Archive for November, 2012

My 100th Lifer

Hurrying through the busy roads on the way to UP were me and my driver. I was late for the Guided Trip which started an hour before I arrived. I missed some good birds like the Coppersmith Barbet and the White-collared Kingfisher. I have seen both before, but seeing them again would be nice. My goal actually for today was to reach my 100th lifer, being at 98 I was determined to see 2 new birds today.

I missed this so much, being with the WBCP. It’s more fun, even happier when they’re around, and most of all, easier to see birds. We started off, or at least I started off, at the side of the road, since they were already there when I caught up with them, but the original meeting place was near the UP Main Library.

We saw a lot of Brown Shrikes, and Philippine Pygmy Woodpeckers on the trees at the side of the road, while on the road were hundreds of joggers completely unaware of their presence. When you look up, you could see Lowland White-eyes and Golden-bellied Flyeaters high-up on the tree tops. We were unprepared for the next surprise, a raptor that is somewhat white in plumage. It came and went in a matter of seconds.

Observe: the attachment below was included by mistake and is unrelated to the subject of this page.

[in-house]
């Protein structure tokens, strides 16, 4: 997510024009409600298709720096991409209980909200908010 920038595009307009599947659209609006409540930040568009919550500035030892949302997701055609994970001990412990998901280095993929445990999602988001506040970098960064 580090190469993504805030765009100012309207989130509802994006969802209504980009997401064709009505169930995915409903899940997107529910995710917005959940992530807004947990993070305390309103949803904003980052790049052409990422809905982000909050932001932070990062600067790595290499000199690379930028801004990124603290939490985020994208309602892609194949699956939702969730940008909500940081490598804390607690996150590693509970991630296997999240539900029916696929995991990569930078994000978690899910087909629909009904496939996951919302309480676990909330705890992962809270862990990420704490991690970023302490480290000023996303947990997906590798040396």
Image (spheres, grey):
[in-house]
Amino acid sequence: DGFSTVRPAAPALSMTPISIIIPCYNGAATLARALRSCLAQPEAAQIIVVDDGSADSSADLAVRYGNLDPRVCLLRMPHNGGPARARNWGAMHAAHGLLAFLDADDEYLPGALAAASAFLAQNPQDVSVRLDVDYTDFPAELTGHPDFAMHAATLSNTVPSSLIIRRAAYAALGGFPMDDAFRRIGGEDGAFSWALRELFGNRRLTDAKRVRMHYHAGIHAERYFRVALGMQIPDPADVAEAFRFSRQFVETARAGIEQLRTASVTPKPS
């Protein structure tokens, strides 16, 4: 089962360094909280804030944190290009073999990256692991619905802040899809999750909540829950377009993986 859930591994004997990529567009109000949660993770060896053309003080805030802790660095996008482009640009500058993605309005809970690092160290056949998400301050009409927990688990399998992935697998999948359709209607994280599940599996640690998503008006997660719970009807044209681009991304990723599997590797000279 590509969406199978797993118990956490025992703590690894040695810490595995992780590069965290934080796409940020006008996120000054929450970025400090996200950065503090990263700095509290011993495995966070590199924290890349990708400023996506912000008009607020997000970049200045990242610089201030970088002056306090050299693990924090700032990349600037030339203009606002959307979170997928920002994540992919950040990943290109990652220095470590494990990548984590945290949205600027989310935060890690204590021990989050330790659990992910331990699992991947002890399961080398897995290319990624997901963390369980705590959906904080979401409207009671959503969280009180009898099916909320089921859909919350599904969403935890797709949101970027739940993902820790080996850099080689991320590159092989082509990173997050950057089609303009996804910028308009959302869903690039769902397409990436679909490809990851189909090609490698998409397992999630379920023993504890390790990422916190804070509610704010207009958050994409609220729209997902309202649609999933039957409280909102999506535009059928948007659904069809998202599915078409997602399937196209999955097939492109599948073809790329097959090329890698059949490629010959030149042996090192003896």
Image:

We entered a slightly forested area, the UP Lagoon. The place was crawling, well… flying, with Brown Shrikes and Yellow-vented Bulbuls. Some birders finally spotted my 99th lifer. They showed me the bird, and it kept flying around but in the same area, so we were still able to follow it. It was an immature Brush Cuckoo eating a very hairy caterpillar we Filipinos call “Higad”.

It flew away, but luckily everyone in the group, including the participants to the Guided Trip, saw it. We then continued out the Lagoon, but not without seeing two cute Zebra Doves on the path. It was almost time to go, but we still had one stop left. Ate Maia (WBCP mamber) told me that it was a sure sighting of my 100th lifer in that area.

Sure enough, it was. Immediately when we got there, the others were already pointing at a Mango Tree. It took me a while, but I finally saw it. A Philippine Nightjar roosting on a branch at plain view. We woke it up from its sleep, but it soon went back to sleep when it figured that we weren’t a threat.

Philippine Nightjar <Photo by Jun Osano>
100th Lifer!!!